Click here for the complete article by Carol Ladwig in the September 13 Snoqualmie Valley Record, or read the excerpt below:
‘Welcome to our amazing new school:’
Community gets first look at Timber Ridge Elementary School at Sept. 8 open house
by Carol Ladwig, Snoqualmie Valley Record Editor
Sep 13, 2016 at 2:36PM
Photo credit: Carol Ladwig/Snoqualmie Valley Record
A mom and daughter were already immersed in a book together in the library
as tours of the new Timber Ridge Elementary School began Sept. 8.
"What a beautiful library!" a visitor declared as she walked through the double-doors of the Timber Ridge Elementary School library Thursday evening.
She wasn't the only one who thought so, either. Children and adults alike were already sprawled on the floor, reading from the stacks, while on the colorful bench in the center of the room, a mother and daughter were intently reading a book to each other.
At the official unveiling of the Snoqualmie Valley School District's sixth elementary school, a couple of hundred families toured the new building and marveled at the soaring library ceilings, the paleness of the wood flooring in the gymnasium, and the dendrochronology (the study of tree rings) accented spaces. As with every good party, a lot of them congregated in the kitchen, where kitchen manager Kathy Ryan had an extra sheet of fresh-baked cookies ready to serve.
Ryan, now in her 28th year of working for the district, may be one of the building's biggest fans.
As she gave an impromptu tour of the kitchen — "Look, double ovens!," — Ryan explained that in her career with the district, she started at Opstad Elementary School and worked at several schools in the district. "I then worked my way down the hill to Fall City," she said, "and I have never been in a brand-new kitchen like this."
Before the tours, school officials gave a brief presentation on the history of the project, which started not quite two years ago.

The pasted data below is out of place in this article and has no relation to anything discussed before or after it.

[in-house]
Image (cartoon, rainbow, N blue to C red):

"This truly was a fast-track project," district Superintendent Joel Aune told the audience, about half of whom were standing after chairs had filled up. "We passed the bond in February, 2015. That's just 18 short months ago."
The bond was a $244 million voter-approved initiative to update all of the school buildings in the district, as well as to build the $35 million sixth elementary school and to rebuild Mount Si High School.
Of the 18 months of construction, Assistant Superintendent Ryan Stokes said seven were devoted to "moving a lot of dirt around," on the sloped site.
Aune thanked the many agencies and specific school staffers who helped to make the project happen in an accelerated timeframe. He also thanked Snoqualmie Valley Citizens for Schools, the volunteer group that led the campaign to pass the bond initiative.
"It's not just a great building, it's a great learning environment," said School Board President Geoff Doy.
Principal Amy Wright pointed out some of the innovative building designs that created the learning environment, too, such as the huge collaborative spaces at the end of each of the three hallways, color-coded to indicate the specific tree variety highlighted in each wing.
"We really envisioned a school where children are nurtured as thinkers, as learners, as people," she said.
Stokes noted that the classrooms were "flexible spaces that allow that small group work that is so important."
Stokes concluded his comments with some good news. "I'm pleased to report… that the project was delivered on budget."
Following staff comments, Aune recognized the work of the new Timber Ridge PTSA by calling on PTSA president Janelle Wickstrom. She stepped to the podium with Jennifer Kuhtz, president of the Snoqualmie Valley PTSA Council, who presented her with a certificate recognizing the new chapter.
To begin the event, Wright presented a video, narrated by Timber Ridge students, on the building. As guests began to tour the new building, they were often reminded of the final words of the video, "welcome to our amazing new school."